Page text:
Preoperative Instrumental Activities of Daily Living Predicts Survival After Transcatheter Aortic Valve Implantation

  • Fukui Shogo
    Department of Rehabilitation Medicine, Keio University School of Medicine Graduate School of Health Management, Keio University
  • Kawakami Michiyuki
    Department of Rehabilitation Medicine, Keio University School of Medicine
  • Otaka Yohei
    Department of Rehabilitation Medicine I, School of Medicine, Fujita Health University
  • Ishikawa Aiko
    Department of Rehabilitation Medicine, Keio University School of Medicine
  • Yashima Fumiaki
    Department of Cardiology, Keio University School of Medicine
  • Hayashida Kentaro
    Department of Cardiology, Keio University School of Medicine
  • Oguma Yuko
    Graduate School of Health Management, Keio University Sports Medicine Research Center, Keio University
  • Fukuda Keiichi
    Department of Cardiology, Keio University School of Medicine
  • Liu Meigen
    Department of Rehabilitation Medicine, Keio University School of Medicine

Abstract

<p>Background:This aim of this study was to clarify prognosis after transcatheter aortic valve implantation (TAVI) in patients with aortic stenosis (AS) and to identify baseline factors associated with mortality.</p><p>Methods and Results:We prospectively enrolled 257 consecutive elderly persons with AS who were referred to Keio University Hospital and who underwent assessment of cardiac, physical (walking speed), cognitive, and renal functions, nutritional status, activities of daily living (ADL), instrumental ADL (IADL) assessed with the Frenchay activities index (FAI), and comorbidities. The primary outcome was postoperative death. Differences in basic characteristics were compared between a group that survived for a median of 661 days (IQR, 0–1,289 days) after TAVI and a group that did not. Multivariate hazard ratios (HR) were calculated for independent factors selected in Cox proportional hazard models. Thirty-one individuals died during follow-up. Walking speed was significantly faster (0.87±0.25 vs. 0.70±0.24 m/s, P<0.001) and FAI was significantly higher (21.2±8.0 vs. 15.7±8.0, P=0.026) in the survival group compared with those who died. Multivariate HR for mortality according to walking speed was 0.05 (95% CI: 0.028–0.091) in model 1 and 0.04 (95% CI: 0.020–0.081) in model 2, and those for FAI were 0.94 (95% CI: 0.92–0.95) and 0.92 (95% CI: 0.90–0.92), respectively.</p><p>Conclusions:Preoperative walking speed and IADL are crucial factors associated with prognosis after TAVI even after adjustment.</p>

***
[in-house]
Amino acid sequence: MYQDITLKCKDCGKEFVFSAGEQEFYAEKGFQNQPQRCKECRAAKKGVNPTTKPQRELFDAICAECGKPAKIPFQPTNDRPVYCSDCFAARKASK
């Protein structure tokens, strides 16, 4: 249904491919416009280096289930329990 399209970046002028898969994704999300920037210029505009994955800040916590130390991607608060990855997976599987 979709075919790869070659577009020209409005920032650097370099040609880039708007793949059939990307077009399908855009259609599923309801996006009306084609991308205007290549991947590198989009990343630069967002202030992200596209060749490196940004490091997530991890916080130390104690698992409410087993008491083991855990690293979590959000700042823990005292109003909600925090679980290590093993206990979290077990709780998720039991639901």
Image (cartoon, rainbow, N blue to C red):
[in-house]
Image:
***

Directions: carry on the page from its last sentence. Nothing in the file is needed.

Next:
Journal

  • Circulation Reports

    Circulation Reports 2 (2), 83-88, 2020-02-10

    The Japanese Circulation Society

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